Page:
Epidemiology of E. coli in Cystic Fibrosis Airways Demonstrates the Capacity for Persistent Infection but Not Patient-Patient Transmission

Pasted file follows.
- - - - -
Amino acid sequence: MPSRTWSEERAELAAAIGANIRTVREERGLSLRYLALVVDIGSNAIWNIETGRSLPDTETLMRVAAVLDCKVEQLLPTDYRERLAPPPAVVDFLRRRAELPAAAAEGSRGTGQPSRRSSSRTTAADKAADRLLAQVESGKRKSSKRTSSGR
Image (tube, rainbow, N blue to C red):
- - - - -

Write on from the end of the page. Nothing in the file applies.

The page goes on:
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Escherichia coli is frequently isolated from the respiratory secretions of cystic fibrosis (CF) patients yet is not considered a classical CF pathogen. Accordingly, little is known about the natural history of this organism in the CF airways, as well as the potential for patient-to-patient transmission. Patients attending the Calgary Adult CF Clinic (CACFC) between January 1983 and December 2016 with at least one E. coli-positive sputum culture were identified by retrospective review. Annual E. coli isolates from the CACFC biobank from each patient were typed by pulsed-field gel electrophoresis (PFGE) and isolates belonging to shared pulsotypes were sequenced. Single nucleotide polymorphism (SNP) and phylogenetic analysis were used to investigate the natural history of E. coli infection and identify potential transmission events. Forty-five patients with E. coli-positive sputum cultures were identified. Most patients had a single infection episode with a single pulsotype, while replacement of an initial pulsotype with a second was observed in three patients. Twenty-four had E. coli recovered from their sputum more than once and 18 patients had persistent infections (E. coli carriage >6 months with ≥3 positive cultures). Shared pulsotypes corresponded to known extraintestinal pathogenic E. coli strains: ST-131, ST-73, and ST-1193. Phylogenetic relationships and SNP distances among isolates within shared pulsotypes were consistent with independent acquisition of E. coli by individual patients. Most recent common ancestor date estimates of isolates between patients were inconsistent with patient-to-patient transmission. E. coli infection in CF is a dynamic process that appears to be characterized by independent acquisition within our patient population and carriage of unique sets of strains over time by individual patients.
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